Have a go at the shortest IQ test

For those who love to feel superior, but are time-poor, the Cognitive Reflection Test, the world's shortest IQ test with just three questions, is for you. It assesses your ability to identify that a simple problem can actually be harder than it first appears. The quicker you do this, the more intelligent you appear to be. Here are the three questions:

1. A bat and a ball cost $1.10 in total. The bat costs $1.00 more than the ball. How much does the ball cost?

2. If it takes five machines five minutes to make five widgets, how long would it take 100 machines to make 100 widgets?

3. In a lake, there is a patch of lily pads. Every day, the patch doubles in size. If it takes 48 days for the patch to cover the entire lake, how long would it take for the patch to cover half of the lake? The correct answers are at the end of the column.


Ey up, chuck, I'll put kettle on

A reader writes: "As children I recall my sister and I singing the national anthem 'in the bonds of Coronation St'. I know we didn't much like the show as it meant being quiet and not annoying mum and nana ... what connotations this had to our thoughts on the national anthem I'm not sure."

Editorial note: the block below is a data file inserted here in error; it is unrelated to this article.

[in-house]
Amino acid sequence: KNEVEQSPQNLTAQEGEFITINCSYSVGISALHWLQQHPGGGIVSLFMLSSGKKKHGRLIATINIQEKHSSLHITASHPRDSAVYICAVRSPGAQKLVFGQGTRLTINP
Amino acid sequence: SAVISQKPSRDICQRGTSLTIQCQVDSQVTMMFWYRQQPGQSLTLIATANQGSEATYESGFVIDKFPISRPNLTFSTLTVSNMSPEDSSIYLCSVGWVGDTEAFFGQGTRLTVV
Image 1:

Parachutist in strife

"We love your column, it's the best part of the Herald, even beating the crossword!" declares Joan Maxwell. This is a photo of a ribbonwood tree stump felled last month which we call, "parachutist in strife". Can you see it?

Cognitive Reflection Test answers

1. The ball would actually cost 5 cents. If the ball costs X, and the bat costs $1 more, then it will be: X+$1. Therefore bat+ball=X + (X+1)=1.10. Thus 2X+1=1.1, and 2X=0.1, sooo X=0.05.

2. It would take 5 minutes to make 100 widgets. Five machines can make five widgets in five minutes; therefore one machine will make one widget in five minutes too. Therefore if we have 100 machines all making widgets, they can make 100 widgets in five minutes.

3. It would take 47 days for the patch to cover half of the lake. If the patch doubles in size each day going forward, it would halve in size going backwards. So on day 47, the lake is half full.

A survey found a third of people got all three wrong, and 83 per cent missed at least one.